How Topic Clusters are Replacing Keywords in the AI-led World of SEO

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Over recent years, Google and other search engines have been changing the way they rank websites and answer user queries. Moving beyond purely keyword searches, they now make use of ‘topic-clusters’ to identify subject-matter experts and to point users to the most relevant websites.

For many in SEO, topic clusters are a game changer - shifting the way that we build websites, plan content and earn traffic. To help you keep up with the latest trends, we’ll explain exactly what topic clusters mean for you.


Why Has This Change Happened?

Primarily, changes in search engine behaviour have happened in response to a shift in user behaviour. Since the early days of Google, users have searched using ‘fragmented keywords’ - single words and simple phrases that users thought search engines could understand.

Today, more people search using full questions using both the traditional text-based interface, as well as via smart home devices and voice search, confident that search algorithms and AI will be able to understand context and extract meaning from more complex language. Search engines now also have access to much more information about users which can affect search results, like their location, language, device and past search history.

In 2013 and 2015, Google implemented changes to allow it to understand context and conversational searches. In response, website owners now need to change the methods they use to rank highly on Google - tailoring their sites and content to meet topic-based searches rather than older-style keyword searches.


What Are Topic Clusters?

A topic cluster is a way for modern websites to structure their content to ensure that it is ranked highly by Google’s latest algorithm. This method relies on websites connecting their content in such a way as to prove that they are experts on a particular subject, giving Google confidence that your site will answer the complex questions its users are searching for.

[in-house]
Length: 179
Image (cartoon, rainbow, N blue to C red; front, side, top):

Clusters of content rely on ‘pillar content’ - a lead piece that acts as a hub for all other relevant content on a website. This pillar links to other related pages, tying similar pages together into a tight, easily used cluster of relevant content.

Not only are these clusters easy for search engines to find and rank, but they provide benefits for users too. Clusters are easy to navigate and provide access to a bundle of relevant content within easy reach, making them much more likely to be able to answer complex search queries than traditional keyword-rich landing pages.

 

Topic Clusters: The Next Evolution of Content Strategy

Source: HubSpot


What Do You Need To Do?

To remain competitive on SERPs in the future, your website will need to transition to using topic clusters. The good news is that shifting away from keywords doesn’t mean that you need to start from scratch - instead, you can leverage your existing content to form clusters.

The first step is to audit your existing content, particularly your blog and other resources, and arrange them into topics that you want your site to rank for. Then, identify potential pillar pieces within each topic - these pillars need to be broad enough to cover the entire topic and allow you to connect many other more niche pages to them. If no obvious pillar piece exists, either expand an existing post or make a new piece to fill the role of topic hub.

With topics and their pillars identified, you can start clustering your content. To do this, each page relevant to the topic will need to link to the pillar and one or more other pages in the cluster, while being linked to from the pillar itself.

This HubSpot article goes into detail about building topic clusters and tracking their performance, and is a great place to start for anyone new to the topic.



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Carl Parnell

About the author: Carl Parnell

Inbound Marketing Agent, bona fide rockstar guitarist, bio-hacker and petrolhead. When I'm not tweaking campaigns and funnels, you'll find me quoting Alan Partridge.